1. Marianne…your words are like a guiding light. Thanks you for your research and the offering of this blog. So many things you write resonate with me and my body says “yes, yes, yes” .

    • Thank you Jan. I enjoy sharing what I learn and I’m all for helping, although, sometimes my “helping” gets me into trouble. Lol! There’s a fine line. Thanks for reading and commenting, Jan. Wishing you a wonderful holiday! 🙂

  2. Interesting reading what the Dalai Lama is sharing. Wishing I could have been there on that five day retreat…and, yes, I think it takes an immersion awareness to realize the love that we are beneath our thoughts and feelings. It feels like so much of the work is recognizing the thoughts and feelings which are “not love” and seeing that they are simply not true. They are made up phantoms. Sometimes I recognize the made up phantoms easily, and sometimes they haunt this mind like crazy. We need phantom ghost busters! Happy love, Marianne.

  3. Oh, I love to read Robert Johnson. Great to hear that you’ve discovered him, as well. And it’s good to know the wonderful things the Dali Lama is teaching, also. Hope you have a wonderful week, my friend. I’ve been away from the blogosphere for a week now, but should be back from here on out–at least for a while.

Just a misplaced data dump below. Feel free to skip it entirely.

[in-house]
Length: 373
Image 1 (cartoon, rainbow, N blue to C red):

Hugs,
    Kathy

    • Yes, I’ve been reading about your adventures, Kathy. Sounds like fun! Well….except for the tree. Thanks for reading and commenting, Kathy. Love to you. 🙂

  4. Marianne, I believe you’ll find that Johnson’s insights on dealing with the shadow through healthy acknowledgement and what he calls “homage” fit very nicely with HHDL’s teachings on wisdom and compassion. Self-compassion (which would include understanding and loving ALL the parts of ourselves) is the first step in compassion for others. I enjoy your insights and work tremendously! Keep letting your Glow Flow!
    Blessings, Love & Light, Sloan

    • Hi Sloan! Thanks for visiting and thanks for your great comment. It’s so true…self-compassion IS the first step! Thanks for the work you are doing as well, Sloan! 🙂

  5. Pingback: Learning about Love: Day 75 – Teachings from the Dalai Lama | The Meaning for my Life